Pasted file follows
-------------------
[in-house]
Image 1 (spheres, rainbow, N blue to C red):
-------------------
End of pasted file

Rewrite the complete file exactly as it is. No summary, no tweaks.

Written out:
[in-house]
Image 1 (spheres, rainbow, N blue to C red):